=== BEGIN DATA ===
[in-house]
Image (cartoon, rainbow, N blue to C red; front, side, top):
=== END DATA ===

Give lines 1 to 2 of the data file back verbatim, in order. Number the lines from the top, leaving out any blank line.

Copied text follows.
[in-house]
Image (cartoon, rainbow, N blue to C red; front, side, top):